The Brown Hut and Gouland Downs Hut don’t have gas cookers and lights, so bring your own portable stove, fuel, and candles. Also, none of the huts have cooking utensils; be sure to bring these along if you prefer hot meals.
There are 9 campsites on the track. 8 are located near the huts and one is at Scotts Beach. The fees are lower than the huts but they also need to be booked in advance. All campsites come with a toilet, water supply, and sink. Some even have cooking shelters and picnic tables.
Here’s a list of the campsites.
- Brown Campsite
- Aorere Campsite
- Perry Saddle Campsite
- Gouland Downs Campsite
- Saxon Campsite
- James Mackay Campsite
- Heaphy Campsite
- Katipo Creek Campsite
- Scotts Beach Campsite
How To Book
Follow these steps to book a hut or campsite.
- Check the availability and prices of the accommodation on the Heaphy Track booking page.
- Choose the direction and dates of your track.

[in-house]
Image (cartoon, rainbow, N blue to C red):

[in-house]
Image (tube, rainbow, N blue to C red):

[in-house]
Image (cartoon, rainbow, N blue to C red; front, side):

- Select the huts and campsites you want to stay at.
- Review your booking details and proceed to payment. Once payment is verified, you’ll receive a confirmation email with your booking reference number.
Don’t forget to print your booking confirmation and take it with you on your walk.
The weather on the track can be unpredictable. You can expect rain, wind, fog, hail, sun, heat, and sometimes snow, at any time of the year. And when it rains, it pours! This makes it even more important to be aware of potential hazards, like floods, because the water can overflow onto the tracks. You might even find yourself calf-deep in water. Make sure you pack for all weather. But nothing too heavy to slow you down or hurt your back. Also, check the weather forecast and track conditions before embarking on your trip.
While the water is generally safe and plentiful, it can vary in quality and quantity. You can find water sources at the huts, campsites, streams, rivers, lakes, and tarns along the track. But, to prevent any bacteria-related illnesses, like Giardia, you should always treat or boil the water at the huts before drinking it. You should also carry enough water with you between water sources, especially in hot or dry conditions.
There are no shops or restaurants on the track so you’ll need to bring enough food with you for the duration. I suggest you choose lightweight, nutritious, easy-to-prepare, and long-lasting food. My go-to includes dried food, trail mix, energy bars, pasta, noodles, canned food, cereal, and crackers.